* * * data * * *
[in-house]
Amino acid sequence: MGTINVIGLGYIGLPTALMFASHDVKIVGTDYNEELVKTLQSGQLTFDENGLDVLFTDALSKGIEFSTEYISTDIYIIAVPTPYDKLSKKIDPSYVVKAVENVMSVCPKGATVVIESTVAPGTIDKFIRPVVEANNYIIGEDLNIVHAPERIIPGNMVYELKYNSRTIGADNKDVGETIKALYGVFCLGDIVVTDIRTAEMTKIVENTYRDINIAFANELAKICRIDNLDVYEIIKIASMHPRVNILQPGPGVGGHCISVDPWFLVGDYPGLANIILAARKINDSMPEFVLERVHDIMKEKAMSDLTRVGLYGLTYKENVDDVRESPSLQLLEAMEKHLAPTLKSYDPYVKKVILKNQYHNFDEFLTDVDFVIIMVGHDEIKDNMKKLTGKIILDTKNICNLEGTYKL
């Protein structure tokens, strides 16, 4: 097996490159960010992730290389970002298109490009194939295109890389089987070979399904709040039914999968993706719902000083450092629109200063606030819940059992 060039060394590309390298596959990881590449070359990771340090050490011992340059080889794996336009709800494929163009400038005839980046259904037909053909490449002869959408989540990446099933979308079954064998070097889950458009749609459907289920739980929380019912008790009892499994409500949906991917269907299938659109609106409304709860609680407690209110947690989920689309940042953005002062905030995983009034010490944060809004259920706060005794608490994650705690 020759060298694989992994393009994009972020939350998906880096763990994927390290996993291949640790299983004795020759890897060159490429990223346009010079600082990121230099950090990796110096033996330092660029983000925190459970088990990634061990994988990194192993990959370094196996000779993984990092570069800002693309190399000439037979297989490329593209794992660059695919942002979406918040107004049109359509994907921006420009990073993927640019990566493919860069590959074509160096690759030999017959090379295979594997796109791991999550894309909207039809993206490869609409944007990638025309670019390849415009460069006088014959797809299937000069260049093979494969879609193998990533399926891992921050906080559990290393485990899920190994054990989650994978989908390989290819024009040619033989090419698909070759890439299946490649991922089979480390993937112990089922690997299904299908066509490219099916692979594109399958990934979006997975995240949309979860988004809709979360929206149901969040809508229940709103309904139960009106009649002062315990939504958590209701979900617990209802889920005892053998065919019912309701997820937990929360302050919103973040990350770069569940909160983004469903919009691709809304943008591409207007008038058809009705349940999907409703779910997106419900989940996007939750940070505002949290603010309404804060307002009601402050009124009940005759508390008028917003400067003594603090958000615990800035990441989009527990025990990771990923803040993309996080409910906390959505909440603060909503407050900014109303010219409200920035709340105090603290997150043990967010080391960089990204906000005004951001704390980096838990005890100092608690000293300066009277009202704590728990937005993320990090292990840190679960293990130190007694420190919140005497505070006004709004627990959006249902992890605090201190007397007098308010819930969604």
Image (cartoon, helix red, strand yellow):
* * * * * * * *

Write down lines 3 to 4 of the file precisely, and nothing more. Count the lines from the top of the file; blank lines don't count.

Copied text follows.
């Protein structure tokens, strides 16, 4: 097996490159960010992730290389970002298109490009194939295109890389089987070979399904709040039914999968993706719902000083450092629109200063606030819940059992 060039060394590309390298596959990881590449070359990771340090050490011992340059080889794996336009709800494929163009400038005839980046259904037909053909490449002869959408989540990446099933979308079954064998070097889950458009749609459907289920739980929380019912008790009892499994409500949906991917269907299938659109609106409304709860609680407690209110947690989920689309940042953005002062905030995983009034010490944060809004259920706060005794608490994650705690 020759060298694989992994393009994009972020939350998906880096763990994927390290996993291949640790299983004795020759890897060159490429990223346009010079600082990121230099950090990796110096033996330092660029983000925190459970088990990634061990994988990194192993990959370094196996000779993984990092570069800002693309190399000439037979297989490329593209794992660059695919942002979406918040107004049109359509994907921006420009990073993927640019990566493919860069590959074509160096690759030999017959090379295979594997796109791991999550894309909207039809993206490869609409944007990638025309670019390849415009460069006088014959797809299937000069260049093979494969879609193998990533399926891992921050906080559990290393485990899920190994054990989650994978989908390989290819024009040619033989090419698909070759890439299946490649991922089979480390993937112990089922690997299904299908066509490219099916692979594109399958990934979006997975995240949309979860988004809709979360929206149901969040809508229940709103309904139960009106009649002062315990939504958590209701979900617990209802889920005892053998065919019912309701997820937990929360302050919103973040990350770069569940909160983004469903919009691709809304943008591409207007008038058809009705349940999907409703779910997106419900989940996007939750940070505002949290603010309404804060307002009601402050009124009940005759508390008028917003400067003594603090958000615990800035990441989009527990025990990771990923803040993309996080409910906390959505909440603060909503407050900014109303010219409200920035709340105090603290997150043990967010080391960089990204906000005004951001704390980096838990005890100092608690000293300066009277009202704590728990937005993320990090292990840190679960293990130190007694420190919140005497505070006004709004627990959006249902992890605090201190007397007098308010819930969604």
Image (cartoon, helix red, strand yellow):